Gun crime[edit]

Mount Druitt suffers from high rates of gun crime. In 2018, it had the highest rate of gun crime of any suburb in Sydney, with 87 individual reports of gunshots. Neighbouring Doonside witnessed a huge increase in shootings from around 2014, becoming the highest murder rated suburb in Sydney by 2016. This contributed to Mount Druitt's reputation as one of the most dangerous places in Sydney, as most perpetrators were associated with or lived in Mount Druitt.

In 2017, firearm offences rose by 7 per cent in Sydney, totalling 3,459 "gun-enabled" crimes, including 27 gun murders of which eleven victims were aged 18 or under. A series of gun crimes in Western Sydney, most notably Mount Druitt, Doonside and Blacktown, including the murders of four boys in one week, led some media commentators to call the region "gun capital".

Drug-related crime[edit]

Some neighbourhoods in Mount Druitt have become infamous for drug-dealing. For many years, Mount Druitt has been a stronghold for an organised crime ring known as the Honoured Society, who are rumoured to control more than 90% of Australia's heroin market.


Mount Druitt railway station is located on the North Shore & Western Line of the Sydney Trains network. There is an express service which runs all day taking 30 minutes to get to Parramatta and 55 minutes to Sydney. It features an interchange with bus routes operated by Busways with routes to all suburbs in the Mount Druitt area, Blacktown and Glendenning.

The first electric train to Mount Druitt operated 8 October 1955.[8]

The Council is embarking on a feasibility to install a new light rail which will link Mount Druitt to the other Blacktown Shire suburbs.[citation needed]


Mount Druitt High school was established in the 1960s.[9] The school is currently located within the suburb of Dharruk, adjacent to the local Emerton Shopping Village. It later rebranded as Chifley College Mount Druitt Campus, educating years 7–10. Chifley College Senior Campus educates the senior classes (years 11–12), and is within walking distance from Mount Druitt Station. A number of private schools such as the Church of England Grammar school have acquired parklands in the area. There are plans to build a 2000 student private school in the area adjacent to Wilmot. This is in partnership with the State Government who are selling off the failed public housing estate in the area.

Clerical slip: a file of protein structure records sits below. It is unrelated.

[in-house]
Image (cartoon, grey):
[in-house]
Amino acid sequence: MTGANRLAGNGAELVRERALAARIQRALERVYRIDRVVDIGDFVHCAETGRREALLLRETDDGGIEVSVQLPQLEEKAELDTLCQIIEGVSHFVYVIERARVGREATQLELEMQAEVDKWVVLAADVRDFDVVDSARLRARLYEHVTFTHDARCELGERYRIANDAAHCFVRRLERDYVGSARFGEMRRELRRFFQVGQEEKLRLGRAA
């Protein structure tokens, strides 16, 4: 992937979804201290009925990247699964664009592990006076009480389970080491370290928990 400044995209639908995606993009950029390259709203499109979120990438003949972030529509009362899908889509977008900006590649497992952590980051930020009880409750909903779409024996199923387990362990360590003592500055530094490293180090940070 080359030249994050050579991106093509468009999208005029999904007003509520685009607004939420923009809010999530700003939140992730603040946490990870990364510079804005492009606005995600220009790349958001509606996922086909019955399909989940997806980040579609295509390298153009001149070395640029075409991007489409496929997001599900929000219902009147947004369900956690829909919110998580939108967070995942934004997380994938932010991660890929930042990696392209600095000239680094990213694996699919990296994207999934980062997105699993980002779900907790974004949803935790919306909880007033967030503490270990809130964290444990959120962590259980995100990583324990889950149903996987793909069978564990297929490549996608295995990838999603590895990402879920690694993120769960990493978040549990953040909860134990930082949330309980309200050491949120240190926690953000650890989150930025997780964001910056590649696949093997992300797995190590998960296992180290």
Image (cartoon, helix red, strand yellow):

Colyton Public School, established in 1861, is located in Mount Druitt. [10]


According to the 2016 census of population, there were 16,726 people in Mount Druitt.

  • The most common ancestries were Australian 11.9%, Filipino 11.9%, English 10.2%, Indian 6.9% and Pakistani 5.5%.
  • 40.8% of people were born in Australia. The next most common countries of birth were Philippines 11.3%, Pakistan 5.9%, Iraq 4.9%, India 4.2% and Fiji 2.6%.
  • 34.4% of people spoke only English at home. Other languages spoken at home included Urdu 8.5%, Arabic 7.6%, Tagalog 7.2%, Chaldean Neo-Aramaic 4.0% and Filipino 3.5%.
  • The most common responses for religion were Catholic 31.0%, Islam 22.2% and No Religion 9.3%.
  • The most common occupations included Machinery Operators and Drivers 15.6%, Clerical and Administrative Workers 14.7%, Labourers 13.7%, Professionals 13.7%, and Technicians and Trades Workers 12.9%.[1]

Notable residents[edit]

See also[edit]


  1. ^ a b Australian Bureau of Statistics (27 June 2017). "Mount Druitt (State Suburb)". 2016 Census QuickStats. Retrieved 15 March 2018. Edit this at Wikidata
  2. ^ "Mount Druitt". Geographical Names Register (GNR) of NSW. Geographical Names Board of New South Wales. Retrieved 30 July 2013. Edit this at Wikidata
  3. ^ "Mount Druitt Court opens". Attorney General's Department of New South Wales. 26 April 2006. Archived from the original on 2 July 2006. Retrieved 29 December 2006.
  4. ^ Erin O'Dwyer (16 October 2005). "Court circle of shame helps beat black crime". The Sun-Herald. Archived from the original on 27 December 2005. Retrieved 31 December 2006.
  5. ^ State Heritage Website
  6. ^ "Neoblie". New South Wales State Heritage Register. Office of Environment and Heritage. H00245. Retrieved 18 May 2018.
  7. ^ "The Manse". New South Wales State Heritage Register. Office of Environment and Heritage. H00206. Retrieved 18 May 2018.
  8. ^ Official opening of the first electric train to Mt Druitt, 8 October 1955
  9. ^ Chifley College - Mount Druitt Campus - Celebrating 40 Years of Education Archived 13 September 2009 at the Wayback Machine
  10. ^ Colyton Public School
  11. ^ "Beki Lee". Archived from the original on 8 August 2012. Retrieved 9 August 2012. Lee grew up in Mt Druitt in Western Sydney

External links[edit]

Coordinates: 33°46′20″S 150°49′10″E / 33.77222°S 150.81944°E / -33.77222; 150.81944